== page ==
Las Vegas (CNN) - Elizabeth Warren is a hero at Netroots Nation, a gathering of progressive bloggers and activists meeting this week in Las Vegas.
Warren is a leading candidate for director of the newly created Consumer Financial Protection Bureau (CFPB). And many of the Netroots advocates here vow to use their fundraising and online muscle to press President Obama and Democrats in Congress to make that happen.
Warren, a Harvard professor and chair of the Congressional Oversight Panel of the Troubled Asset Relief Program (TARP), is an outspoken consumer advocate who originally proposed the idea for such a bureau. The financial reform legislation signed by President Obama this week made the CFPB a reality. And in an interview with ABC News on Thursday, the President indicated that Warren is among those he's considering as the Bureau's director.
But Warren has critics in the business community, and both Obama and a key Democratic leader in Congress have made it clear she is no shoo-in for the post.
President Obama signed financial reform legislation into law on Wednesday. (PHOTO CREDIT: Getty Images)
New York (CNNMoney.com) - After more than a year of work and months of grueling debates on Capitol Hill, President Obama on Wednesday signed the Wall Street reform bill, the most sweeping overhaul of the financial system since the New Deal.
"These reforms represent the strongest consumer financial protections in history," Obama said. "And these protections will be enforced by a new consumer watchdog with just one job: looking out for people – not big banks, not lenders, not investment houses – in the financial system."
In a major signing ceremony at the Ronald Reagan Building in Washington, Obama was flanked by a number of lawmakers who worked on the legislation, including Sen. Christopher Dodd, D-Conn., and Rep. Barney Frank, D-Mass., the two committee chairmen who sponsored the bill.
Washington (CNNMoney.com) - As soon as President Obama's name shows up on the Dodd-Frank Wall Street reform law Wednesday, there will be some changes in the way the financial industry does business.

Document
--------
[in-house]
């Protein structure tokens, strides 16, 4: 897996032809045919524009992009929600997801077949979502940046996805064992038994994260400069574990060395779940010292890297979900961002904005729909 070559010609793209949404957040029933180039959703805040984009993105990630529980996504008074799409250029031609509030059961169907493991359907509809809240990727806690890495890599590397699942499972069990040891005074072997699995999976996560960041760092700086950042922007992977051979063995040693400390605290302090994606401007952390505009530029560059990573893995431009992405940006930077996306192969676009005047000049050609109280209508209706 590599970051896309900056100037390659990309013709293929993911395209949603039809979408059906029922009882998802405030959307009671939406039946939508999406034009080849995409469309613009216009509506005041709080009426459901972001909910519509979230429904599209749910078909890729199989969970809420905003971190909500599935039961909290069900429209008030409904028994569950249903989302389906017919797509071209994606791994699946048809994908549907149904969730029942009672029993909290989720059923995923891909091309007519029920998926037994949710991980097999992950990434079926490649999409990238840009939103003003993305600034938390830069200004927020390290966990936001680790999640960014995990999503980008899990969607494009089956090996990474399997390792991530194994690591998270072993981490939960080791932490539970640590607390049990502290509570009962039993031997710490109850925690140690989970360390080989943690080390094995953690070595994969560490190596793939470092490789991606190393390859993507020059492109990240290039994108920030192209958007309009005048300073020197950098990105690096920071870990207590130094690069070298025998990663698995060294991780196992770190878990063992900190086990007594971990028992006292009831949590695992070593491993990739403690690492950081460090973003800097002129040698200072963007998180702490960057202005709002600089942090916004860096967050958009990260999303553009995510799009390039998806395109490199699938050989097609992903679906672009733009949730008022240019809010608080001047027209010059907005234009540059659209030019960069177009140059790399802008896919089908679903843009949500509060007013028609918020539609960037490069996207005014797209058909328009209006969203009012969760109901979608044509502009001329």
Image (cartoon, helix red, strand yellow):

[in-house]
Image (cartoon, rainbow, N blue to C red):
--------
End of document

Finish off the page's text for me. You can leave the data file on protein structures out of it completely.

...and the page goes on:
Immediately, regulators will get new powers to take down failing giant financial firms – powers they didn't have in 2008 when the investment firm Lehman Brothers collapsed and threatened the entire financial system.
Other big provisions are closer to a year away, such as forcing complex financial contracts to be traded on open exchanges, and creating new consumer protection rules requiring more disclosure and fewer hidden fees for mortgages and credit cards.
President Obama will sign into law Wednesday a sweeping Wall Street reform bill. (PHOTO CREDIT: Getty Images)
Washington (CNN) – President Obama will sign into law Wednesday the Wall Street reform bill - the most-sweeping set of changes to America's financial regulatory system since the 1930s.
The legislation will vastly reform the way big financial firms do business.
This is "reform that will prevent the kind of shadowy deals that led to this crisis, reform that would never again put taxpayers on the hook for Wall Street's mistakes," the president said last week.
The bill aims to strengthen consumer protection, rein in complex financial products and head off more bank bailouts.
The Senate approved the reforms Thursday on a 60 to 39 vote, ending more than a year-long effort to pass legislation in response to the 2008 financial crisis.
Editor's note: Gloria Borger is a senior political analyst for CNN, appearing regularly on CNN's "The Situation Room," "AC360°" and "State of the Union," as well as participating in special event coverage.
Washington (CNN) - Ask anyone at the White House about the importance of the financial reform bill the president will sign today, and the answer is near-universal: a colossal achievement. And why not?